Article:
Running a hyperlocal blog can be a changing task. I mean, unless you have a media giant behind you, it takes a lot of time an effort, both of which I own in small burst. As a result, this blog, despite its newfound advocates, is small at best. However, the thing I love about this hyperlocal blogs is that if done correctly, the community can benefit from the exposure and flow of communication present. Furthermore, as the journalist running the blog (or blogger, whatever) you can learn a lot about a community.
J-Students at SF State are notorious running into a neighborhood, advocating and bringing exposure to the place and then disappearing. Unfortunately, this model of hit-and-run reporting is part of being a journalist. You go where the stories are. And if you can get a fresh angle from Bayview or Ingleside, great, but know people don’t want these stories. Well, at least newspapers think that.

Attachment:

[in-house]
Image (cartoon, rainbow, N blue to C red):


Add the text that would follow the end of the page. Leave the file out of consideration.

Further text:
All this hyperlocal nonsense, I think, can at least ground reporters in a neighborhood that they can grow and learn in. Furthermore, the first person perspective can add a lot more character than a typical news story. That being said, it’s hard not feel like you’re using a community for your gain. I especially feel that though I’m focusing on the Ingleside, an often forgotten part of the city (though that’s changing), as soon as this semester ends and I get that grade, I’m done. No motivation is better motivation than cash or grades. Luckily, organizations like Newswire21 are looking to create a more citizen approach to journalism. I can’t help however to feel that this, too, will be a fad like subheads.
This media thing moves way too quickly.
sequestrarev. - ‘commit for safekeeping,’ from Latin sequester ‘trustee.’
AboutAaron Williams is a multimedia journalist and student at San Francisco State University. His interest range from the nuance of espresso to technology. This blog is a cover all for a lot of these topics, but seeks to show the future of journalism and how we all can be apart of it.
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